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An international committee says scientists should be allowed to modify human embryos as long as strict oversight criteria are met. 

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image: Unique Antibodies Open Path Toward New HIV Vaccines

Unique Antibodies Open Path Toward New HIV Vaccines

By | January 27, 2017

A family of broadly neutralizing antibodies from a chronically infected donor provides a schematic for designing vaccines and treatments that target multiple strains of the virus.

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image: Contributors

Contributors

By | January 1, 2017

Meet some of the people featured in the January 2017 issue of The Scientist.

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image: Gene Drives and Other Controversies

Gene Drives and Other Controversies

By | January 1, 2017

Aedes and Anopheles control; three-parent babies; the PhD glut

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image: Mouse Immunology Paper Retracted

Mouse Immunology Paper Retracted

By | December 16, 2016

A finding of misconduct spurs the retraction of a Science paper claiming to have identified a protein in mice that boosted immunity to both viruses and cancer.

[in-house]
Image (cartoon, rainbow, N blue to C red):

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image: Naive T Cells Find Homes in Lymphoid Tissue

Naive T Cells Find Homes in Lymphoid Tissue

By | December 2, 2016

The human lymph nodes and spleen maintain unique, compartmentalized sets of naive T cells well into old age.

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image: Opinion: An Ethical Code for Conferences

Opinion: An Ethical Code for Conferences

By | December 2, 2016

This fundamental form of scientific communication is threatened by modern recording technology and researchers who refuse to adhere to an age-old ethical code. 

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image: Book Excerpt from <em>Redesigning Life</em>

Book Excerpt from Redesigning Life

By | December 1, 2016

In Chapter 8, author John Parrington explores the intersection of precision genome editing and stem cell technologies.

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image: Is Medicine Ready for Clinical CRISPR?

Is Medicine Ready for Clinical CRISPR?

By | December 1, 2016

Using precision genome editing to treat or prevent human disease may require several leaps of faith.

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image: Low Social Status May Weaken Immune System in Monkeys

Low Social Status May Weaken Immune System in Monkeys

By | November 29, 2016

Life at the bottom of the pecking order ramps up inflammation, according to new research, an effect that appears to be reversible.

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